Global Distribution of Ciguatera Causing Dinoflagellates in the Genus Gambierdiscus.

Publication Type  Journal Article
Year of Publication  2010
Authors  Litaker, R. W.; Vandersea, M. W.; Faust, M. A.; Kibler, S. R.; Nau, A.; Chinain, M.; Holmes, M. J.; Holland, W. C.; Tester, P. A.
Journal Title  Toxicon
Volume  56
Pages  711-30
Journal Date  2010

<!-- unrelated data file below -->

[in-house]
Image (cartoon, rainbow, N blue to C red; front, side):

Dinoflagellates in the genus Gambierdiscus produce toxins that bioaccumulate in tropical and subtropical fishes causing ciguatera fish poisoning (CFP). Little is known about the diversity and distribution of Gambierdiscus species, the degree to which individual species vary in toxicity, and the role each plays in causing CFP. This paper presents the first global distribution for specific Gambierdiscus species. Current sampling indicates five species endemic to the Atlantic (including the Caribbean/West Indies and Gulf of Mexico), five species specific to the tropical Pacific, and two globally distributed species, G. carpenteri and G. caribaeus. The regional species distributions correlate with differences in the ciguatoxins recovered from Atlantic and Pacific fishes indicating that Atlantic and Pacific Gambierdiscus spp. may produce different suites of toxins. A literature survey indicated that among-species toxicities varied by >100 fold compared to environmentally induced variations in toxicity of 2-9 fold. These data suggest that inherent between-species differences in toxicity may influence CFP occurrence more than does environmental up regulation of toxin production. How variations in within-species toxicity affect CFP incidence rates is unknown. The degree to which toxicity varies among species or strains has profound implications for developing a cost-effective early warning system for CFP.

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